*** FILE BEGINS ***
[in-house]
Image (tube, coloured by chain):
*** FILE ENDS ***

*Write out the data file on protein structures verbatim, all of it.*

[in-house]
Image (tube, coloured by chain):